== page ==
The current situation regarding long-acting insulin analogues including biosimilars among selected African, Asian, European and South American countries: findings and implications for the future

Brian Godman, Mainul Haque, Trudy Leong, Eleonora Allocati, Santosh Kumar, Salequl Islam, Jaykaran Charan, Farhana Akter, Amanj Kurdi, Carlos Vassalo

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Background: Diabetes mellitus rates continue to rise, which coupled with increasing costs of associated complications has appreciably increased global expenditure in recent years. The risk of complications are enhanced by poor glycaemic control including hypoglycaemia. Long-acting insulin analogues were developed to reduce hypoglycaemia and improve adherence. Their considerably higher costs though have impacted their funding and use. Biosimilars can help reduce medicine costs. However, their introduction has been affected by a number of factors. These include the originator company dropping its price as well as promoting patented higher strength 300 IU/ml insulin glargine. There can also be concerns with different devices between the manufacturers. Objective: To assess current utilisation rates for insulins, especially long-acting insulin analogues, and the rationale for patterns seen, across multiple countries to inform strategies to enhance future utilisation of long-acting insulin analogue biosimilars to benefit all key stakeholders. Our approach: Multiple approaches including assessing the utilisation, expenditure and prices of insulins, including biosimilar insulin glargine, across multiple continents and countries. Results: There was considerable variation in the use of long-acting insulin analogues as a percentage of all insulins prescribed and dispensed across countries and continents. This ranged from limited use of long-acting insulin analogues among African countries compared to routine funding and use across Europe in view of their perceived benefits. Increasing use was also seen among Asian countries including Bangladesh and India for similar reasons. However, concerns with costs and value limited their use across Africa, Brazil and Pakistan. There was though limited use of biosimilar insulin glargine 100 IU/ml compared with other recent biosimilars especially among European countries and Korea. This was principally driven by small price differences in reality between the originator and biosimilars coupled with increasing use of the patented 300 IU/ml formulation. A number of activities were identified to enhance future biosimilar use. These included only reimbursing biosimilar long-acting insulin analogues, introducing prescribing targets and increasing competition among manufacturers including stimulating local production. Conclusions: There are concerns with the availability and use of insulin glargine biosimilars despite lower costs. This can be addressed by multiple activities.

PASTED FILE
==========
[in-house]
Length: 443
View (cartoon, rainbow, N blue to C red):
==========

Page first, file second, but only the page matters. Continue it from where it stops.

Original languageEnglish
Article number671961
Number of pages31
JournalFrontiers in Public Health
Publication statusPublished - 24 Jun 2021


  • Africa
  • Asia
  • biosimilars
  • cross national study
  • drug utilisation
  • health policy
  • insulin glargine
  • South America

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